What is sensory play? Sensory play is all about using the senses: smell, taste, touch, balance, sight, hearing and movement.
It is play that is all about exploration and encourages children to use scientific processes - all in the name of play. The children play, create, investigate and explore. Sensory activities allow children to refine their thresholds for different sensory information helping their brain to create stronger connections to process and respond to sensory information.
From birth through to early childhood, children use their senses to explore and try to make sense of the world around them: babies put objects in their mouths exploring what they taste like, toddlers will twirl round and round until they are dizzy, children will make noises and then put their fingers in their ears to see how the sound changes, they will pull and stretch playdough or run their fingers through gloop, they will listen intently as you read stories and make different voices for the different characters, they will sit quiet and watch what is going on around them.
All of these things are not only fun - they are learning experiences.
As parents we need to encourage this. Yes, I agree, some of these activities might be a little messy. But as the children get older, think of that as a great way of getting them to help with the clearing up.
The Role of Sensory Play
There are groups of children, such as those who have autism or those who have sensory integration dysfunction disorder who have specific difficulty making sense of and organising all the stimuli that come at them via their senses.
The truth is, all children need help learning how to use their senses.
In play experiences, combining the sense of touch with the senses of vision, hearing, taste and smell helps build cognitive skills.
Cognitive skills are those skills we use when we solve problems. The process of solving problems begins with observation. Young children use all their senses to explore objects and they file it away in their memories. Also, when children have sensory experiences, they store their whole body experiences in their sensory memory. We use our sensory memory to begin the process of understanding and gaining knowledge.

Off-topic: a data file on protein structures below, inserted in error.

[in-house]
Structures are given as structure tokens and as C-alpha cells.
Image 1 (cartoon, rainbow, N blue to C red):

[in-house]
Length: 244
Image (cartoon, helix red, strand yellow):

The importance of sensory play cannot be overstated for the development of the educational process. It is the foundation of all the skills children will use in school learning to read, write and solve math and science problems.
What kind of materials will you need: Supplies for sensory exploration are usually easy to gather and inexpensive. The following lists provide suggestions for items to fill your sensory table or tubs with and materials to add to the experience. Select items that are of interest to the child, and are safe for the age of the child involved.
Water -Sand (dry and/or wet) -Dirt (dry and/or wet) -Rice - Pasta - Sawdust - Dried beans -Fingerpaint with additives (sand, glycerin, sawdust) - Homemade sieves (poke holes in foam trays) -Fingerpaint in sealed plastic bags - Scents (almond or mint extract) -Shaving foam Playdough - Clay - Whipped Cream - Foam pieces - Materials - Basters Whisks - Waterwheels - Ice cubes (add food coloring) - Tongs Shaped sponges - Food colouring - Wooden blocks Cooking utensils (measuring cups, spoons, funnels, etc) - Combs -Vehicles Funnels and sifters - Different kinds of bowls and containers - Cardboard tubes - Plastic eggs - Buttons - Spools - Dollhouse furniture Rocks and pebbles - Ping-pong balls - Straws - Pump and squeeze bottles Corks - Wind-up bath toys - Buckets and pails ----- and many more, you just need to follow the lead of your child.
Here is just one sensory activity to start with.
It is great fun and children just love it. I bet you will not be able to resist playing yourself. Give it a go........